Two very useful skills in communicating with others, including when coaching and facilitating, are paraphrasing and summarizing the thoughts of others.
How to Paraphrase When Communicating and Coaching With Others
Paraphrasing is repeating in your words what you interpreted someone else to be saying. Paraphrasing is powerful means to further the understanding of the other person and yourself, and can greatly increase the impact of another’s comments. It can translate comments so that even more people can understand them. When paraphrasing:
- Put the focus of the paraphrase on what the other person implied, not on what you wanted him/her to imply, e.g., don’t say, “I believe what you meant to say was …”. Instead, say “If I’m hearing you right, you conveyed that …?”
- Phrase the paraphrase as a question, “So you’re saying that …?”, so that the other person has the responsibility and opportunity to refine his/her original comments in response to your question.
- Put the focus of the paraphrase on the other person, e.g., if the person said, “I don’t get enough resources to do what I want,” then don’t paraphrase, “We probably all don’t get what we want, right?”
- Put the ownership of the paraphrase on yourself, e.g., “If I’m hearing you right …?” or “If I understand you correctly …?”
- Put the ownership of the other person’s words on him/her, e.g., say “If I understand you right, you’re saying that …?” or “… you believe that …?” or “… you feel that …?”
- In the paraphrase, use some of the words that the other person used. For example, if the other person said, “I think we should do more planning around here.” You might paraphrase, “If I’m hearing you right in this strategic planning workshop, you believe that more strategic planning should be done in our community?”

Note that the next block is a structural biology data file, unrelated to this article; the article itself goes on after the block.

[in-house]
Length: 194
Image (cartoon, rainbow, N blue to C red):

- Don’t judge or evaluate the other person’s comments, e.g., don’t say, “I wonder if you really believe that?” or “Don’t you feel out-on-a-limb making that comment?”
- You can use a paraphrase to validate your impression of the other’s comments, e.g., you could say, “So you were frustrated when …?”
- The paraphrase should be shorter than the original comments made by the other person.
- If the other person responds to your paraphrase that you still don’t understand him/her, then give the other person 1-2 chances to restate his position. Then you might cease the paraphrasing; otherwise, you might embarrass or provoke the other person.
How to Effectively Summarize
A summary is a concise overview of the most important points from a communication, whether it’s from a conversation, presentation or document. Summarizing is a very important skill for an effective communicator.
A good summary can verify that people are understanding each other, can make communications more efficient, and can ensure that the highlights of communications are captured and utilized.
When summarizing, consider the following guidelines:
- When listening or reading, look for the main ideas being conveyed.
- Look for any one major point that comes from the communication. What is the person trying to accomplish in the communication?
- Organize the main ideas, either just in your mind or written down.
- Write a summary that lists and organizes the main ideas, along with the major point of the communicator.
- The summary should always be shorter than the original communication.
- Does not introduce any new main points into the summary – if you do, make it clear that you’re adding them.
- If possible, have other readers or listeners also read your summary and tell you if it is understandable, accurate and complete.
For many related, free online resources, see the following Free Management Library’s topics:
- All About Personal and Professional Coaching
- Communications Skills
- Skills in Questioning
- Team Building
- LinkedIn Discussion Group about “Coaching for Everyone”